• Implementation of Alcohol Screening, Brief Intervention, and Referral in Primary Care

      Kelso, Shannon M.C.; Wiseman, Rebecca Fortune (2019-05)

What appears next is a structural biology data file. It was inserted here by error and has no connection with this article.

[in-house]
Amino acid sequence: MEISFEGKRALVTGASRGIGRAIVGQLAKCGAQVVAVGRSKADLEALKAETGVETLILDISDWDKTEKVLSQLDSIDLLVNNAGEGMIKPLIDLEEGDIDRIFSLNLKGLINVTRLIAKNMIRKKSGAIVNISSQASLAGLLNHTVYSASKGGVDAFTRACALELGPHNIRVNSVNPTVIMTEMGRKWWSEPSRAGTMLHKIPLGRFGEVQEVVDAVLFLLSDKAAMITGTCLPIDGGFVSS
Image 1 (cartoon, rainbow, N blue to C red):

Background: Excessive alcohol use is associated with many short- and long-term health risks. The U.S. Preventive Services Task Force recommends that all adults age 18 and over be screened for alcohol misuse in a primary care setting and that those who display risky or hazardous drinking receive brief counseling interventions. However, only around half of primary care providers report screening patients for substance use, with even fewer providing brief interventions or referrals to treatment. Local Problem: A mobile primary care clinic in Maryland serves an uninsured, immigrant, primarily Hispanic population. The majority of patients speak Spanish with limited English proficiency. Prior to this project, there was no formal protocol in place for alcohol screening. Patients were intermittently screened with an informal question, with no evidence-based screening tool or plan for intervention or referral in use. Interventions: The purpose of this quality improvement project was to pilot the implementation of a protocol for alcohol screening using the Alcohol Use Disorders Identification Test (AUDIT) and its short form (AUDIT-C), brief intervention consisting of simple advice, and referral to treatment (SBIRT). The project was implemented over a 15-week period. Inclusion criteria for screening included all new intake patients age 18 or older with no cognitive impairment and the ability to understand and speak English and/or Spanish. The University of Maryland Baltimore Institutional Review Board provided a Non-Human Subjects Research determination for project implementation. Included patients were screened according to the SBIRT protocol. The AUDIT-C was administered by the staff member assisting the patient with admission paperwork. In the event of a positive score on the AUDIT-C, the provider screened the patient with the remaining questions of the AUDIT. For patients with positive scores on the AUDIT, the provider then delivered a brief intervention and referral to community resources. Data collection was conducted via weekly chart audits throughout the pilot period. Results: Of the new intake patients meeting inclusion criteria (n=46), 97.8% (n=45) were screened with the AUDIT-C according to the protocol. Of these, 6.7% (n=3) scored positive for risky drinking. All patients with positive scores were screened with the full AUDIT, and 2 (66.7%) were documented as receiving an intervention. While no referrals were documented, conversations with staff indicated that referrals were given to these patients but not documented. Conclusions: The results demonstrated the feasibility of incorporating an alcohol SBIRT protocol into a mobile primary care clinic. The clinic staff felt the SBIRT protocol improved alcohol screening and confidence in handling patients with risky drinking behaviors, and they intend to continue utilizing the alcohol SBIRT protocol to screen all new intake patients. The clinic director plans to integrate the SBIRT tools into the clinic’s electronic health record, which is expected to improve documentation, and to ultimately initiate annual screening of existing patients using the alcohol SBIRT protocol to further improve behavioral health integration and improve quality of care.